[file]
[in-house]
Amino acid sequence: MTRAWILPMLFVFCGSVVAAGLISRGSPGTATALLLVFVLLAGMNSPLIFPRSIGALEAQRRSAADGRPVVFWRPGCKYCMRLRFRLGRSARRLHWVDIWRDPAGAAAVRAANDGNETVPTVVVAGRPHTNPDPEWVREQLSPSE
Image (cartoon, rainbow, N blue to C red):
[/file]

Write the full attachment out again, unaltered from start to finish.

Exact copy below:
[in-house]
Amino acid sequence: MTRAWILPMLFVFCGSVVAAGLISRGSPGTATALLLVFVLLAGMNSPLIFPRSIGALEAQRRSAADGRPVVFWRPGCKYCMRLRFRLGRSARRLHWVDIWRDPAGAAAVRAANDGNETVPTVVVAGRPHTNPDPEWVREQLSPSE
Image (cartoon, rainbow, N blue to C red):